Trial of Lithium Carbonate for Treatment of Osteoporosis-pseudoglioma Syndrome
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|ClinicalTrials.gov Identifier: NCT01108068|
Recruitment Status : Completed
First Posted : April 21, 2010
Results First Posted : April 27, 2018
Last Update Posted : November 4, 2019
|Condition or disease||Intervention/treatment||Phase|
|Osteoporosis Pseudoglioma||Drug: Lithium||Not Applicable|
Osteoporosis-pseudoglioma (OPPG) syndrome is a very rare genetic disorder (approximately 50 cases have been reported worldwide) due to mutations in the LRP5 gene, causing blindness from birth and fragile bones (osteoporosis)in early childhood. The bony fragility can lead to recurrent fractures of major bones such as the hip (femur) and spine, leaving some children in wheelchairs.
Treatment to strengthen the bones in OPPG has primarily been with osteoporosis medications used in other fragile bone disorders of childhood and in adults, namely the bisphosphonates (eg. pamidronate, alendronate). These drugs have helped the bone strength in OPPG somewhat but have not prevented all fractures. We have observed fractures of the hip in 3 children with OPPG who we have treated, in spite of their attaining normal bone density (determined by DXA, dual xray absorptiometry) with bisphosphonates. Therefore, new treatments for OPPG are greatly needed and new methods besides DXA are needed to monitor bone strength on treatment.
A mouse model of OPPG has been created. In the mouse model of OPPG, lithium dramatically improved their bones, returning them to normal strength and preventing fractures. Lithium, which is used for people with psychiatric disease, is known to lead to higher bone strength and reduced fractures in people who are on it for psychiatric disease. Lithium has been used safely and is approved for children 12 and above. The theory is that lithium will improve bone strength in OPPG in humans, as it has in the mouse, by stimulating bone production bypassing the genetic defect in OPPG.
In this study, we recruited 10 patients with OPPG and treated those who agreed (n=5) with lithium for 6 months, monitoring the response of the bones by both DXA and pQCT (peripheral quantitative computed tomography), the latter which gives information about bone quality. An IND was obtained to use lithium in this study.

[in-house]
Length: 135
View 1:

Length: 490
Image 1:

|Study Type :||Interventional (Clinical Trial)|
|Actual Enrollment :||26 participants|
|Intervention Model:||Single Group Assignment|
|Masking:||None (Open Label)|
|Official Title:||Trial of Lithium Carbonate for Treatment of Osteoporosis Pseudoglioma Syndrome|
|Study Start Date :||July 2010|
|Actual Primary Completion Date :||July 2014|
|Actual Study Completion Date :||July 2014|
patients with OPPG will be treated with lithium for 6 months
lithium will be given for 6 months to patients with OPPG, starting at a low dose of 2.5 mg/kg daily, gradually increasing until a lithium blood level of 0.3-0.6 ng/dl is achieved.
Other Name: lithium carbonate or lithium citrate will be used
No Intervention: Unaffected controls
Family members of patients with OPPG will have DXA and pQCT to compare to OPPG patients. These unaffected participants will not receive lithium.
- pQCT of Lower Leg [ Time Frame: Baseline ]pQCT will be done at baseline for all OPPG participants and unaffecteds. The Z-score indicates the number of standard deviations away from the mean of age matched controls. A Z-score of 0 is equal to the mean, with negative numbers indicating values lower than the mean and positive values higher. A positive change in Z-score indicates a favorable outcome.
- pQCT Z-score in OPPG Participants at Baseline and 6 Months After Lithium [ Time Frame: baseline, 6 months ]The Z-score indicates the number of standard deviations away from the mean of age matched controls. A Z-score of 0 is equal to the mean, with negative numbers indicating values lower than the mean and positive values higher. A positive change in Z-score indicates a favorable outcome.Z-score of pQCT variable was noted for the in two OPPG participants who received lithium and were also able to get pQCT scans. The "n" of 2 was too small to do statistical analyses. Of the 5 OPPG who were on lithium, 2 were too small for the machine (eventhough over age 4) and 1 had rods in his legs and couldn't have pQCT
To learn more about this study, you or your doctor may contact the study research staff using the contact information provided by the sponsor.
Please refer to this study by its ClinicalTrials.gov identifier (NCT number): NCT01108068
|United States, Pennsylvania|
|University of Maryland Amish Research Clinic|
|Lancaster, Pennsylvania, United States, 17601|
|Principal Investigator:||Elizabeth A Streeten, MD||University of Maryland, College Park|